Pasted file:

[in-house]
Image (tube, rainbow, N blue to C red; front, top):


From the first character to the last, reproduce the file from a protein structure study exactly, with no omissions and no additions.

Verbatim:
[in-house]
Image (tube, rainbow, N blue to C red; front, top):